Public message # 4096 CULT_WATCH ECHO Entered 15:58 Thursday 16-May-91 To: All Re: Ev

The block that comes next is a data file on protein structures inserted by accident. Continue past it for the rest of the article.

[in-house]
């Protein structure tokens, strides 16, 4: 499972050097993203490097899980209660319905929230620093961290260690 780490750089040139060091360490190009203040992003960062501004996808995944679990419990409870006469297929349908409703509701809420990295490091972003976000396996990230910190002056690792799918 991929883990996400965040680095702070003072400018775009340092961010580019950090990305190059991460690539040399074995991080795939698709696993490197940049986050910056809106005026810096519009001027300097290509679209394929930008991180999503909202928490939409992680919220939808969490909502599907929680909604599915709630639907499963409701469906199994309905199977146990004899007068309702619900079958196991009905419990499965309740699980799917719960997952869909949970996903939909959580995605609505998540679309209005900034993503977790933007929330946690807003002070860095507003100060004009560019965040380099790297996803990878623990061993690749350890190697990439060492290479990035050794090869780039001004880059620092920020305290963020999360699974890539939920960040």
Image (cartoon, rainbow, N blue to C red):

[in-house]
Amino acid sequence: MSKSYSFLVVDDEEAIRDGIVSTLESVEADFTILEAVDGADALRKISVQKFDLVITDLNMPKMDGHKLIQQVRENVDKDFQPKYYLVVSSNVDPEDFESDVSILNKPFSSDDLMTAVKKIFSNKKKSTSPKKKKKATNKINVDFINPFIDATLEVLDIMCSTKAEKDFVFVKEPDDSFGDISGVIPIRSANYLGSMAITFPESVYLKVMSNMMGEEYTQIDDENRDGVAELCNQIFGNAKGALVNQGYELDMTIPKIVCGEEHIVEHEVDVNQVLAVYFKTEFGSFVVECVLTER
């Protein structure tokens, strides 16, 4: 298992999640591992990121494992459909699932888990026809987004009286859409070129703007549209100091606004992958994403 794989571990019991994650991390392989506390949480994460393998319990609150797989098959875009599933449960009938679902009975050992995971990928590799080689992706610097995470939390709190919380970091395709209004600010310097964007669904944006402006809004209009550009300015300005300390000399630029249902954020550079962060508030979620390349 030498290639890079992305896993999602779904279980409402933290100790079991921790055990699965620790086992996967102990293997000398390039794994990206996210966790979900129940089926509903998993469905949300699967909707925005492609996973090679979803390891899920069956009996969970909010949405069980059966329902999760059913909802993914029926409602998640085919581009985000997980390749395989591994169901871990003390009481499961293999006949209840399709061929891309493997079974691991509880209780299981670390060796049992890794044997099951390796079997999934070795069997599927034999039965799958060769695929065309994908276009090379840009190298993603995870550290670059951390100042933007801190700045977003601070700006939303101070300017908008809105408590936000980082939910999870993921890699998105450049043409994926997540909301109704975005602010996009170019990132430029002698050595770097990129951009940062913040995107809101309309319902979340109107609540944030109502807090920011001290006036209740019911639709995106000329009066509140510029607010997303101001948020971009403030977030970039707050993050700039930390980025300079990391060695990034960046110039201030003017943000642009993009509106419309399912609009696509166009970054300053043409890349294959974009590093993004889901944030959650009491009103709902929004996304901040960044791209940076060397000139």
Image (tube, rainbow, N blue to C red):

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Public message # 4096 CULT_WATCH ECHO Entered 15:58 Thursday 16-May-91 From: James Robert Pierce on 8:7000/27 To: All Re: Evidence??? Evidence That Demands a Verdict? The Christian invertibly remarks that the "eyewitness" testimonies contained in the four gospels concerning the resurrection of Jesus constitute evidence which demands a verdict. Is this true; should a verdict be given concerning the testimony of Jesus' resurrection? First, let me make it clear, this post doesn't prove that Jesus didn't rise from the dead! This post considers the nature of evidence and testimony as it applies to the resurrection narratives. The testimony of an individual always involves the inference of that individual, i.e. testimony will always include what the witness inferred to be the case from his/her own experience, or point of view. However, for testimony to count as evidence it must be of such a nature that it is restrained to just the facts of any case. Furthermore, the testimony, in order to be considered evidence, must refer to matters of fact of common and certain knowledge. If a witness testifies to experiencing event A at 10:00 AM, then testifies of experiencing event C at 10:30 AM, but doesn't experience event B at 10:15 AM; can such a witness be in a position of making a valid inference? In fact, it is the case that any statement concerning event B will be a inference from events A and C where B is associated with events A and C. That is, any inference of B is valid if and only if it is the case that it is associated with A and C and B follows from the evidence contained in testimony concerning A and C. The above assertions can be validated through several examples. Let A = Jones walking his dog, and let C = Jones returning home from walking Fido. B is an "open" event (an open event is one which you do not experience, or is outside your pool of knowledge) to any eyewitnesses involved with events A and C since none of them witnessed B. Now, Jones walked Fido and returned. Upon his return (event C) he tells you that while he was in the woods he was accosted by several women at once, this is event B. Suppose further that Jones shows you what appears to be finger nail marks upon his skin and lipstick on his collar. You are of the opinion that Jones is an ugly man; so who would accost him? But, you know that such an inference is not based upon fact. You are driven to believe his testimony as true in so far as you had witnessed both events A and C. However, you also know that you cannot affirm event B as an actual occurrence as told by Jones, i.e. you have no reason disbelieve Jones, but you are restricted to drawing inferences from your pool of knowledge which doesn't include event B; therefore, you can't claim that Jones had actually been accosted: you can only infer that he was. What has been demonstrated this far? Event B has only been made known to you through the testimony of the man who claimed to have been accosted: you can only infer that what he has said is true in so far as events A and C show that he did walk Fido and return; however, you couldn't draw the inference that event B actually occurred as stated by Jones, since you, the witness, are constrained to keep your inferences within the limits of your own pool of knowledge and experience. Another example. Let A = Jesus' death on the cross. Let C = Jesus' appearances after his death. It is clear from the gospel narratives that event B, in this case, was not witnessed by any of the disciples of Jesus. Event B is the actual resurrection of Jesus. Can a resurrection be validly inferred from the disciples' experience of events A and C? The disciples could hold any opinion they thought valid. If they had seen Jesus die, and if they had seen Jesus alive latter, then they could come to believe that he had "risen from the dead." At this point the Christian may think that I have proven the resurrection to be the case. Do not be deceived! If you agree this far, then look out! The Christian is constrained by what can be advanced as "proof" in this case. The disciples were free to form any opinion as to what best explained their alleged experiences. We can trust that if their motivations were not directed through a self claim, right, or share in the resurrection of Jesus, then their inferences become stronger. Furthermore, we can trust that if their testimony is not extraordinary, then their inferences become stronger. But notice, if their testimonies are "interested" and are extraordinary, then we have reason to doubt the reasonableness of their inferences. We are not in a position to claim they had actually seen Jesus nailed to a cross; nor, are we in a position to claim that they had actually seen Jesus after his death: we are the modern day bystander. Furthermore, the disciples were not in a position to claim that Jesus had actually risen from the dead, since they didn't witness the actual occurrence. They could only infer his resurrection from their experience of his alleged death and his alleged appearances after death. Just as in the case with Jones above, the disciples were constrained to appeal to evidence within the range of their experience and knowledge; they were constrained to appeal to evidence which was not extraordinary and within the common experience of every person. The upshot of all of this is that the disciples could only maintain that they had seen the man Jesus die. As far as the resurrection is concerned, the disciples didn't witness it and thus were not in a privileged position to claim it had actually occurred. Due to the extraordinary nature of the alleged "appearances" of Jesus after his death, the disciples were constrained to admit to nothing beyond common experience. That is, their opinion that Jesus had risen from the dead was valid if the evidence was such that suggested he had actually died and risen from the grave. However, if seeing angels and men walking through walls can be considered beyond common experience, then such experiences are doubtful and are not considered to be valid evidence in support of an experience. At best, the disciples could not claim that Jesus had actually risen from the dead: they could only give what was their best opinion, from their knowledge and common experience, as to what had actually occurred concerning an event they didn't witness. Furthermore, due to the fact that the synoptic gospels are hearsay in nature, and due to the fact that all evidence of the resurrection of Jesus is provided through individuals who held interest in his resurrection and his teachings, and due to the fact that any "resurrection" should be considered an extraordinary event; we are constrained to not accept any opinion of the resurrection as true. We can expect that there was a Jesus who lived and died; a Jesus who had many followers, but this is as much of the truth we can reasonably hold concerning what has been said about Jesus. As bystanders to the alleged resurrection we cannot claim that the resurrection is a historical fact; that is an actual occurrence in time. We can form a opinion from the gospels as to the possibilities of the claims given to us, but our opinions must be constrained by reason and common experience. In short, there is no evidence surrounding the resurrection which demands a verdict!